JAIC 1989, Volume 28, Number 1, Article 1 (pp. 01 to 18)
JAIC online
Journal of the American Institute for Conservation
JAIC 1989, Volume 28, Number 1, Article 1 (pp. 01 to 18)


S. B. Lee, J. Bogaard, & R. L. Feller


FOR MANY YEARS, it has been known that exposure of paper to very short-wavelength ultraviolet, such as 254 nm radiation, will induce post-irradiation effects, the specific results of which are influenced by both internal and external factors.1–4 External factors during irradiation and subsequent storage include wavelength of irradiation, temperature, humidity, and atmospheric conditions. Internal factors relate to chemical composition of the paper: acidity, carbonyl groups, and the content of hemicellulose, extractives, and lignin. It is also known that exposure to visible and ultraviolet radiation results in complex discoloration effects both during and after exposure.5 Nonetheless, the fact remains that few studies have been carried out specifically to elucidate the behavior of papers subsequent to exposure to the wavelengths of visible and near-ultraviolet radiation normally involved in the display of works on paper, approximately 320 to 760 nm.

Launer and Wilson found that soda-sulfite paper irradiated under conditions that resulted in bleaching (330-440 nm radiation; sheet temperature 30�C) yellowed during a subsequent storage period of 15 months.6 MacMillan reported the sensitivity to thermally-induced aging following exposure of test papers in the Fade-ometer� to be a function of the aldehyde-group content in the cellulose molecules.7 This particular observation suggests that the observed post-irradiation darkening under visible and near-ultraviolet radiation may essentially be the result of thermal-aging processes even though the level of temperature of the paper when stored away from the light may not be far from normal room conditions. This view was expressed by Launer and Wilson.

One may reasonably regard the widely reported post-irradiation effects that occur as a result of exposure to short-wavelength radiation (below 280 nm) to have only minor relevance to museum and library problems. It is far more important for conservators to increase their knowledge of the effects of exposure to wavelengths of near ultraviolet and visible radiation. Reported herewith are data on the effects of different (a) exposure dosages, (b) initial pH values in the sheet, and (c) levels of hot-alkali-soluble matter, gamma cellulose and lignin upon the discoloration that occurs during storage at room temperature subsequent to exposure of test sheets to radiation in the visible and near-ultraviolet region.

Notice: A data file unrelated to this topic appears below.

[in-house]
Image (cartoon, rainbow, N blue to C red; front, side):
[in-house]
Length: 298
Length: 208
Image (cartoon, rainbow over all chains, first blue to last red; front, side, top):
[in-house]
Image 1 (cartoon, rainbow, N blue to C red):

The primary objectives of the studies reported here are to determine (1) whether paper exposed to these wavelengths will undergo post-irradiation darkening under rather ordinary conditions of storage away from the light, (2) whether the pH of the paper has an influence on post-irradiation darkening under these circumstances, and (3) whether the content of lignin, rather than hot-alkali-soluble (HAS) matter, has a marked influence on the phenomenon. The answer to all three questions is affirmative. The information is of value with respect to the behavior that may be expected as the result of the display of works on paper. The results are not intended to be informative with respect to the practice of intentionally bleaching by light while discolored papers are immersed in an aqueous bath. That will be the subject of a publication to appear elsewhere.

Copyright � 1989 American Institute for Conservation of Historic and Artistic Works